Play Henrik in the Play Magnus App!

Starting February 14th, you will be able to challenge Henrik Carlsen in the Play Magnus app. His spot on the Hall of Fame is as deserved as can be since without Henrik Magnus would have neither existed as a chess player, nor even as a person!

Henrik is an enigmatic character who doesn't give too many interviews. Also, when he does talk to the media, the reporters usually keep approaching him with the same questions about his son Magnus Carlsen over and over again.

To help you prepare for your upcoming matches with Henrik and to shed some light on his personality, we decided to ask him a few tricky questions related to chess:

How would you describe your chess style? Did you have any chess role models growing up? What are your key strengths and weaknesses as a player?

Although I don’t play chess in coffee houses very often, I think I am a typical coffee house player! Always looking for tactics and swindles. Magnus has sometimes been slightly impressed by my tactics, as well as amazed at what he calls a complete lack of positional understanding and concern for king safety.

Did you ever consider playing chess professionally, or was it always more of a hobby/part of cultural education for you?

When I started playing in the local Asker Chess club at 15, I was trounced by some younger players (Agdestein brothers and B. Oestenstad) and professional chess was never in my thoughts. It was a hobby I was quite passionate about until work and family took priority.

Do you have a favorite chess game? Also, please share with us one of your own best games, which is characteristic of your playing style.

I usually watch Magnus playing in tournaments and sometimes his choices make even the analysis.sesse computer confused. I find those moments very fascinating. I cannot claim any memorable games myself, although I did in fact win the beauty prize in a Norwegian 5-round classic chess weekend tournament back in 2001. At the time Magnus was already much better than me, but I had a great event and ended far ahead of him (for the last time 🙂).

Previously the Play Magnus app used to revolve around challenging Magnus at different ages. According to one of the databases, you defeated 9-year old Magnus in Arnold Grand Prix in 2000, while he came back for vengeance at 16, beating you in the Arctic Chess Challenge in 2007. Do you have any “secret” memorable games against your son that we can present to our readers?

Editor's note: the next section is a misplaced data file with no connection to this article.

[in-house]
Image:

When we traveled Europe by car in the autumn of 2003 we played quite a lot of Blitz during our stay in Crete. Magnus had 1 or 1.5 minutes against my 9 or 8.5. Still he managed to win nearly all our games. I was quite proud in the Arctic Chess Challenge in 2007 though, just for meeting the top-rated player (Magnus) as late as round 6!

You compete in classical, rapid and blitz FIDE-rated tournaments from time to time. Do you also play online and, if “yes”, what site do you prefer?

In fact I mainly play online. I joined chess24 already back in 2013 or 2014 and have played too many games (as bukkerogtakker) ever since 🙂

Editor's note: "bukker og takker" literally means "bows and thanks" in Norwegian, i.e., it is a self-ironic way of saying "thank you for the applause" after a game.

Do you talk chess as a game with Magnus nowadays? Are there situations when you ask him for advice? Or, vice versa, maybe he loses a tough match and you, as a father and a passionate chess player, can’t abstain from recommending him something?

One of the things I learned early was fortunately to stop giving Magnus bad advice, and I tried to shield him from most of the advice from others as well. While we talk about his games sometimes, typically sometimes when I have had access to a computer, I don’t offer advice. When I played tournaments more frequently in the past I sometimes benefited from Magnus’ advice as well as from my opponents fear of Magnus preparation!

Is there anything else you would like to share with the users of the Play Magnus app? Any special tips on chess or life in general?

For many of us, chess improvement is mainly about not dropping pieces and pawns left and right. One winter several years ago I did some 15,000 tactics (at chess24) and that reversed my otherwise negative trend and rating loss for subsequent years.

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